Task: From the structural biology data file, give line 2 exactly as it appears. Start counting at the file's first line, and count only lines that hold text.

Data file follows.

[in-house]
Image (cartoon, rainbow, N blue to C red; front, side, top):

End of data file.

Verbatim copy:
Image (cartoon, rainbow, N blue to C red; front, side, top):